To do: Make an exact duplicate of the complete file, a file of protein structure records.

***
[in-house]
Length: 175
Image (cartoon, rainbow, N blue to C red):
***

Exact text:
[in-house]
Length: 175
Image (cartoon, rainbow, N blue to C red):